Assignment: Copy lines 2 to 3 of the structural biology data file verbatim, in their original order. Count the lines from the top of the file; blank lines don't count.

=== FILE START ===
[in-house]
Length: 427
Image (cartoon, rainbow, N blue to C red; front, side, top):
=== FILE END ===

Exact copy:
Length: 427
Image (cartoon, rainbow, N blue to C red; front, side, top):